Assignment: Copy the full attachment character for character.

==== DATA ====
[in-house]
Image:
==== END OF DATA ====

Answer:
[in-house]
Image: